Examples:


Quote:
Most dealers do not use tweaks in their systems. Many of the tweaks do not look appealing, and the dealers do not want to admit that tweaks are needed to make their expensive equipment sound its best. The customer who buys an expensive piece of equipment based what they hear in a well-tweaked system is probably going to be surprised that it does not sound that good at home. The customer may be very unhappy if he is then told that he must spent more money on tweaks to make it sound good.

If the dealer does not use tweaks then how did the buyer hear the tweaks?


Quote:
There is not big money in many tweaks; in fact there are many that cost nothing - for example lifting speaker cables off static-prone carpets with black thread.

DUP - you read this and didn't pounce, shame on you. This is just the kind of nonsense that turns people off to the high end. And just how do you use black thread to lift something? I believe you need more then just a piece of thread, perhaps a few sticks and some thread.


Quote:
The review, though very harsh, leaves no question about how the reviewer feels about the product. Those days are long gone. In today are reviews saying,
Monty
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Re: State of High-End Article

That was pretty much my impression with the article as well.

I think there are two obstacles that keep high end audio from becoming more appealing to the masses. The first and most important is the fact that people simply do not know what it is that they do not know. People are not being exposed to what a real audio system is capable of doing. There is little point in arguing what percentage of people would value what the high end has to offer if they never hear it done right in the first place.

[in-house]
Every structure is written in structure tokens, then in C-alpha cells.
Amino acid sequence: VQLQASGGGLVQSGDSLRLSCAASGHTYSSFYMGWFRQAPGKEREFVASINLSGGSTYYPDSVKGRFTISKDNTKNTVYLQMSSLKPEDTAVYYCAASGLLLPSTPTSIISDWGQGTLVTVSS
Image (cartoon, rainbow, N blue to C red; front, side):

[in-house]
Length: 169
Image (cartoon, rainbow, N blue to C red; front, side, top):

The second obstacle is one of convenience. We have a generation of people who have been trained to value convenience, portability, flexibilty and good enough. Life moves faster and more efficiently than ever. Listening isn't a characteristic that the current generation is strongly suited for.

These aren't obstacles unique to the audio world; these are obstacles in just about every aspect of modern life. I still think there are millions of people who would place a high value on good quality sound if they were to ever hear it, but the percentage would still be relatively low.

LM2940
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Re: State of High-End Article

"I don't want to be anywhere near a TV when listening to music."

I agree completely! I have my video setup way off to the side of my audio system and the two are not connected in any way. The audio system takes center stage in my room. I listen to TV audio through the built in speakers on my TV set. Quaint, I know. TV/Movie audio just doesn't matter that much to me and I must admit that I sometimes wince when I look at some of the user pics in the gallery and see a TV set between the speakers. But, hey, to each his own.